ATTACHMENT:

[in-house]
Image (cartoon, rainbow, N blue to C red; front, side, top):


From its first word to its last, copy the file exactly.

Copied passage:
[in-house]
Image (cartoon, rainbow, N blue to C red; front, side, top):